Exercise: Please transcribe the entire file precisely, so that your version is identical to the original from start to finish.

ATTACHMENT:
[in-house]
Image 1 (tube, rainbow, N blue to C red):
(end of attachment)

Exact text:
[in-house]
Image 1 (tube, rainbow, N blue to C red):